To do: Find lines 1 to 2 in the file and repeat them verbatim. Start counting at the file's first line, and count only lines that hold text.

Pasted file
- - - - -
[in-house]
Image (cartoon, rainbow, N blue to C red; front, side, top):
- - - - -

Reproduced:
[in-house]
Image (cartoon, rainbow, N blue to C red; front, side, top):